BitchPhD has a very timely post up here, which includes a discussion of white privilege and redlining minority neighborhoods.
I liked her post, and the description of the long-term economic impact of housing and other discrimination is 100% correct.
For the 75.2% of whites who own property, this is a pretty clear advantage. But what of the 24.8% of whites who own no property, and others who do not come from families that were able to capitalize on the advantages of pre-civil rights laws? For them, these advantages don't exist. Many of them live in the ghetto or in conditions of squalor in double-wide trailer homes, no better than poor African Americans.
The author makes an excellent point:
If your folks owned their own home, if they made middle-class wages, if they went to college, then they damn well *did* benefit from racism--consciously or no--and that benefit was certainly passed on to you in the form of educational opportunities, educational expectations, the ability to pay for poo like summer camps and after school programs, access to things like museums and music lessons, boy scouts or 4H programs, organized sports and community swimming pools, borrowing down payments from grandma and grandpa, knowing about financial aid forms because mom and dad filled 'em out back in their own day, and all sorts of other hard economic advantages.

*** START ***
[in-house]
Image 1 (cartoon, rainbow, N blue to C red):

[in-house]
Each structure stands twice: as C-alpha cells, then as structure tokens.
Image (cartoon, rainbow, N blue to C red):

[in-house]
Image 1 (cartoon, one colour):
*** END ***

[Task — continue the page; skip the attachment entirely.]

But there are tens of millions of white people whose folks never owned a thing, who didn't go to college, who weren't even necessarily in the US to benefit from racism --consciously or no-- and therefore that benefit was not passed on to them in any form.
Again, I take no affront to the concept of socioeconomic advantage. But individual whites are not necessarily recipients of this kind of advantage. Stereotyping an entire race based on the advantages that 75% of that race has enjoyed is ridiculous.